(Above) At your service: a small part of RichmondPRA’s army of Peer Workers
Under the NDIS, individual people will become responsible for deciding what services they need and what organisations to get them from (See: How do you work with a service provider? Info sheet, page 1). Treat the NDIS as an opportunity to make sure you are getting the services YOU want, not just the services the organisation decides you want.
Continue reading “Do it your way! Don’t miss the NDIS opportunity”
(Above: Prince George)
HRH the Duchess of Cambridge emphasised mental health in her recent guest editor spot with Huffington Post UK launching Young Minds Matter on 17 February 2016 .
Here is what she had to say about prejudices and parental stigma: “Research published today by the Huffington Post indicates that around a third of parents still worry that they will look like a bad mother or father if their child has a mental health problem. Parenting is hard enough without letting prejudices stop us from asking for the help we need for ourselves and our children.
Continue reading “Young minds matter to Kate”
For decades we’ve believed that endorphins (naturally-occurring painkillers in our bodies) were the chemicals responsible for what’s commonly known as a “runner’s high.” In case you aren’t familiar with the term, a runner’s high can be experienced by pushing yourself hard with any serious exercise. Without getting too technical, when somebody hits a certain point of exertion, their brain will reward their efforts with a lovely burst of chemicals. This cocktail causes a pretty intense sensation of euphoria, happiness, excitement and a floaty feeling. The fact we thought this high was caused by endorphins makes sense, as full-on exercise will lead to physical discomfort, and physical discomfort causes your body to dispense endorphins as a natural painkiller. As endorphins have a lot in common with morphine, this explains the pleasurable effects. Logical, right?
Or at least that’s what we thought.
Continue reading “Get high on…a brisk jog?”
Fully sick, bro! From left: instructor Conrad, participant David, facilitator Laura, and participant James.
RichmondPRA’s Buckingham House at Surry Hills had a surfing group and they recommend that we all give it a try!
Facilitator Laura Coyle says, “The lessons were booked with Let’s Go Surfing Bondi (at the safer north end of the beach). The gentleman in the blue was our surf instructor, the very affable Conrad, who was very confident in the water.
Continue reading “Surfing”
Last year we read in Panorama about Jeff Tooth’s involvement with New Moves, a program developed by the Schizophrenia Fellowship which combines the three E’s: Education, Exercise and Eating (healthy eating, that is).
Jeff was so pleased with New Moves that he completed the training and is now a peer worker. Not only that but he has an ambition to run an ultramarathon for charity purposes.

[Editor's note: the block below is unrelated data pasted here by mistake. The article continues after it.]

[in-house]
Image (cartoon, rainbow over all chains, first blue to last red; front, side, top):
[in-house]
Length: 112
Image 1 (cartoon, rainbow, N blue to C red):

To get in shape, over the past year or so Jeff has run a number of half marathons and even ultramarathons, including one mammoth 75km effort. You can tell he’s serious about it!
Not everyone who gets into physical fitness will want to go this far, but on the other hand, if you are determined enough and fit enough, no one will stop you trying if you do.
And yes, Jeff is thinking of recording a new CD. The rumour is it will be a more folksy sound that last years’ rocking, “Themes benevolent and personal.”
We hope to bring you more reports of Jeff’s progress with the running as they come to hand. WH
PS: Jeff is not related to Geoffrey in a preceding story.
by Elizabeth Kempers
How lifestyle changes can promote recovery and counter the side effects of meds
With some small tweaks to your lifestyle, living effectively with mental health issues and the side effects of medications is possible. Small changes in three areas can produce big results. These things are diet, exercise and sleep.
In previous Panorama stories, Jessica from Enterpraise has shown what can be achieved just by focusing on diet. One of the side effects of medication can be weight gain. This means that if you are on medication which promotes weight gain more attention need to be paid to what you eat and drink.
Continue reading “Recovery as a lifestyle choice”
Strike the right balance. Too much medication can be bad for your health.
by Warren Heggarty
Many of us are on several different medications at once. It is important that we talk regularly about them to our prescribing doctors, dentists or nurses.
Geoffrey had an extremely sore throat and went to his local GP Dr Samir, fully expecting to be prescribed antibiotics. Dr Samir had other ideas however. “I think you have a viral infection,” he said, “so I won’t give you antibiotics now. They won’t do any good. If it doesn’t get better over the next couple of days, come back and see me then.” The throat got better of its own accord without medication.
Continue reading “Why doctors sometimes won’t prescribe drugs”